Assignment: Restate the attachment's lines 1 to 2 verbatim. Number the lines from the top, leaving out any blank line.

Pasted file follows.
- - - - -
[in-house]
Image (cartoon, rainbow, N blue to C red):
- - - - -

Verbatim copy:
[in-house]
Image (cartoon, rainbow, N blue to C red):